Irving Bacon

D.O.B: Sep 06, 1893 | Saint Joseph, Missouri, USA

133Credit Score

A minor character actor who appeared in literally hundreds of films, actor Irving Bacon could always be counted on for expressing bug-eyed bewilderment or cautious frustration in small-town settings with his revolving door of friendly, servile parts - mailmen, milkmen, clerks, chauffeurs, cabbies, bartenders, soda jerks, carnival operators, handymen and docs. Born September 6, 1893 in the heart of the Midwest (St.

Biography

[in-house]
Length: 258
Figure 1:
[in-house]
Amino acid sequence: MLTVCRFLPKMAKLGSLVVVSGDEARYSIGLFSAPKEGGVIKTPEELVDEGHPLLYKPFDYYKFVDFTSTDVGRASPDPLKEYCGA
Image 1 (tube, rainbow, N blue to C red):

A minor character actor who appeared in literally hundreds of films, actor Irving Bacon could always be counted on for expressing bug-eyed bewilderment or cautious frustration in small-town settings with his revolving door of friendly, servile parts - mailmen, milkmen, clerks, chauffeurs, cabbies, bartenders, soda jerks, carnival operators, handymen and docs. Born September 6, 1893 in the heart of the Midwest (St. Joseph, Missouri), he was the son of Millar and Myrtle (Vane) Bacon. Irving first found work in silent comedy shorts at Keystone Studios usually playing older than he was and, for a time, was a utility player for Mack Sennett in such slapstick as A Favorite Fool (1915). His director brother also began using him in his own silent funnies starting with Good Morning, Nurse (1925), which was written by Frank Capra, Hurry, Doctor! (1925) and Wide Open Faces (1926). Irving made an easy adjustment when sound entered the pictures and after appearing in the Karl Dane / George K. Arthur one- and two-reelers such as Knights Before Christmas (1930), began to show up in feature-length films. He played higher-ups on occasion, such as the Secretary of the Navy in Million Dollar Legs (1932), police inspector in House of Mystery (1934), mayor in Room for One More (1952), and judge in Ambush at Cimarron Pass (1958), but those were exceptions to the rule. Blending in with the town crowd was what Irving was accustomed to and, over the years, he would be glimpsed in some of Hollywoods most beloved classics such as Capras Mr. Deeds Goes to Town (1936), San Francisco (1936), You Cant Take It with You (1938) and A Star Is Born (1954). Trivia nuts will fondly recall his beleaguered postman in the Blondie (1938) film series that ran over a decade.